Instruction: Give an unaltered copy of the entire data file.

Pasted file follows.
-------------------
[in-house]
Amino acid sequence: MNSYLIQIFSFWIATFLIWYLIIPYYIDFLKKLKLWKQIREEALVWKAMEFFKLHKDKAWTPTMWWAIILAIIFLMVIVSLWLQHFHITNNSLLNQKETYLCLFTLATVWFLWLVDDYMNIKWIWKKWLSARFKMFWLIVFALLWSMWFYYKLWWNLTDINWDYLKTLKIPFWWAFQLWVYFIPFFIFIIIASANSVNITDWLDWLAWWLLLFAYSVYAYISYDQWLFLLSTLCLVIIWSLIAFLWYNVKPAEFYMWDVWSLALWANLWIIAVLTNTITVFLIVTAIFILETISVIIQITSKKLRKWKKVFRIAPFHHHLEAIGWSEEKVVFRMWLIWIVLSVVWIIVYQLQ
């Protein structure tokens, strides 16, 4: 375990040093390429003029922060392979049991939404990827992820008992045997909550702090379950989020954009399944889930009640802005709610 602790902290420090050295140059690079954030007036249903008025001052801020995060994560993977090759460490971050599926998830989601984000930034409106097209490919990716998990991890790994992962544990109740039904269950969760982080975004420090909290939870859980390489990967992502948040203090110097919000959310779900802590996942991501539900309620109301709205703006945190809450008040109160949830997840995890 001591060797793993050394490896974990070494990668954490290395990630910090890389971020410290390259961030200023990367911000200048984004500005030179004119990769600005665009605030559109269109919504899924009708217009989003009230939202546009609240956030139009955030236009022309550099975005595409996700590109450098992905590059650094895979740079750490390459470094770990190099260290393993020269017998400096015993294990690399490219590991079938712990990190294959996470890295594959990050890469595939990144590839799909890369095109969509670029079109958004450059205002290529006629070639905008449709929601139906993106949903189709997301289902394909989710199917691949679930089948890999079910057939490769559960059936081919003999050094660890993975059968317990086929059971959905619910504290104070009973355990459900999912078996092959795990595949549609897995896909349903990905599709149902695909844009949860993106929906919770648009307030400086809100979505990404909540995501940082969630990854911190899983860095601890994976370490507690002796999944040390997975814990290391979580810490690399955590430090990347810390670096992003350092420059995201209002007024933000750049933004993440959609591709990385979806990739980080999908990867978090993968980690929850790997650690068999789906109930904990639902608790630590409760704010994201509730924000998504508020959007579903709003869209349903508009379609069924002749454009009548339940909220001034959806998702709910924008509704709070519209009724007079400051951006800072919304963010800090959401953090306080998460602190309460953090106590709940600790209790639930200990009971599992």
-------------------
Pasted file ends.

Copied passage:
[in-house]
Amino acid sequence: MNSYLIQIFSFWIATFLIWYLIIPYYIDFLKKLKLWKQIREEALVWKAMEFFKLHKDKAWTPTMWWAIILAIIFLMVIVSLWLQHFHITNNSLLNQKETYLCLFTLATVWFLWLVDDYMNIKWIWKKWLSARFKMFWLIVFALLWSMWFYYKLWWNLTDINWDYLKTLKIPFWWAFQLWVYFIPFFIFIIIASANSVNITDWLDWLAWWLLLFAYSVYAYISYDQWLFLLSTLCLVIIWSLIAFLWYNVKPAEFYMWDVWSLALWANLWIIAVLTNTITVFLIVTAIFILETISVIIQITSKKLRKWKKVFRIAPFHHHLEAIGWSEEKVVFRMWLIWIVLSVVWIIVYQLQ
């Protein structure tokens, strides 16, 4: 375990040093390429003029922060392979049991939404990827992820008992045997909550702090379950989020954009399944889930009640802005709610 602790902290420090050295140059690079954030007036249903008025001052801020995060994560993977090759460490971050599926998830989601984000930034409106097209490919990716998990991890790994992962544990109740039904269950969760982080975004420090909290939870859980390489990967992502948040203090110097919000959310779900802590996942991501539900309620109301709205703006945190809450008040109160949830997840995890 001591060797793993050394490896974990070494990668954490290395990630910090890389971020410290390259961030200023990367911000200048984004500005030179004119990769600005665009605030559109269109919504899924009708217009989003009230939202546009609240956030139009955030236009022309550099975005595409996700590109450098992905590059650094895979740079750490390459470094770990190099260290393993020269017998400096015993294990690399490219590991079938712990990190294959996470890295594959990050890469595939990144590839799909890369095109969509670029079109958004450059205002290529006629070639905008449709929601139906993106949903189709997301289902394909989710199917691949679930089948890999079910057939490769559960059936081919003999050094660890993975059968317990086929059971959905619910504290104070009973355990459900999912078996092959795990595949549609897995896909349903990905599709149902695909844009949860993106929906919770648009307030400086809100979505990404909540995501940082969630990854911190899983860095601890994976370490507690002796999944040390997975814990290391979580810490690399955590430090990347810390670096992003350092420059995201209002007024933000750049933004993440959609591709990385979806990739980080999908990867978090993968980690929850790997650690068999789906109930904990639902608790630590409760704010994201509730924000998504508020959007579903709003869209349903508009379609069924002749454009009548339940909220001034959806998702709910924008509704709070519209009724007079400051951006800072919304963010800090959401953090306080998460602190309460953090106590709940600790209790639930200990009971599992």